A singer swims through the recording industry shark tank at Pasadena Playhouse.
Struggling singer Charlie Jane wants to find her voice. She writes songs that speak to her frustrations growing up as the daughter of a failed artist, and she wants to reach other youngsters. Sleazy producers, egotistical colleagues, and her own insecurities stand in her way in the new musical Breaking Through at the Pasadena Playhouse, helmed by its artistic director, Sheldon Epps .Though it is laudable for a major theater to invest in a new work with original music, Breaking Through never navigates away from show-business clichés.
Charlie (Alison Luff) was raised by her father after her backup-singer mother disappeared years ago. She guilts her mother's old friend Amanda (Nita Whitaker) into signing her at Solo Records, where Amanda is an executive. Amanda takes Charlie under her wing, linking her to Solo's hot artist Scorpio and having her mentor with the label's legend, Karina (Kacee Clanton). But Charlie begins to fall into the same traps that her mother did. She allows the label's repugnant boss, Jed Barnes (Robert Arbogast), to turn her into just another prop, singing others' songs that have no depth, pretend-dating Scorpio for publicity sake, and taking drugs to keep up a hectic schedule.
Composers Cliff Downs and Katie Kahanovitz both came from the music industry. Downs has cowritten songs for top country artists like Wynonna Judd and Glen Campbell while Kahanovitz has performed on the Radio Disney Tour. With their credentials, one would hope the show would expose the inner workings of the music industry, but Breaking Through offers nothing that hasn't been seen countless times before.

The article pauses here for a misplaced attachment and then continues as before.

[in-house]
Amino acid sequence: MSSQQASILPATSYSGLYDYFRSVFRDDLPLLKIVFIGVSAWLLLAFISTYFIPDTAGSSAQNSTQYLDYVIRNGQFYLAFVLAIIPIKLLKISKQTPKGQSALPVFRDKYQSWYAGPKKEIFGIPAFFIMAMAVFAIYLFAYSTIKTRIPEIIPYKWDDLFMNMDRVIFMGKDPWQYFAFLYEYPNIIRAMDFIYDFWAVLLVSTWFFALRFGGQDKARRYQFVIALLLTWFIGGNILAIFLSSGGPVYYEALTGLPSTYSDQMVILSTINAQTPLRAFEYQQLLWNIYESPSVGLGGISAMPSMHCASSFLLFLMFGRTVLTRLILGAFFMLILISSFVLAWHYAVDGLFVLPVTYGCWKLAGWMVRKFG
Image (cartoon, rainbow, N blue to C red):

Some of Downs and Kahanovitz's melodies are catchy and give the actors a chance to show off their vocal pipes, but too often the lyrics reel off like strung-together platitudes, with no subtlety to the phrasings or soulful interpretations of the characters' emotions. Protagonist Charlie claims several times to have a hunger to explore the truth through music, yet when she does sing her own songs, such as the opening title number, she admits only to wanting her name in lights and to break out as a star. None of the songs she sing reveal anything reflective about her.
Kirsten Guenther's book also misses several opportunities for drama. Charlie's absent mother becomes a plot device instead of a means of delving into Charlie's abandonment. Scorpio hints at his childhood, but the script doesn't investigate how his upbringing turned him into the self-involved pop artist. Amanda's relationship to both Charlie and her mother are left dangling. And a B-plot involving Charlie's best friend Gwyn (Teya Patt) goes nowhere. Every plot point lacks the edge or twist that would have prevented it sounding banal.
Fortunately, director Epps has a talented cast of singers onstage. Luff has an engaging personality and her country twang reveals both innocence and vulnerability. Matt Magnusson embodies a boy band singer in his solo number "All or Nothin'." Clanton has that sultriness that captures Janis Joplin. Patt's character is the one with which the writers would have done well to spend more time. Her performance as Gwyn, Charlie's lesbian roommate, is spirited, awkward, and genuinely funny. Every time she walks onstage, the show comes alive. Unfortunately, the cast's acting suffers because the unenergetic and uninspired book makes them unrealistically wooden.
John Iacovelli's sets are appropriately cold and steely to represent the loneliness of success. Jared A. Sayeg's lighting, however, lacked nuance, with constant spots beaming down on the performers the whole evening as though they were in an '80s hair band music video. And Tyce Diorio's choreography looks disjointed, with the chorus making wild hand and leg movements.
While television has turned the music industry into a wild and saucy soap opera with Fox's Empire and ABC's Nashville, Breaking Through doesn't offer the stories and the tunes to entice audiences with anything new pertaining to the heartbreak of celebrity. It feels like the same old song.